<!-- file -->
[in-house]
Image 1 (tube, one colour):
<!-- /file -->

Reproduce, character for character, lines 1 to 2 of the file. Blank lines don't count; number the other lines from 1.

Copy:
[in-house]
Image 1 (tube, one colour):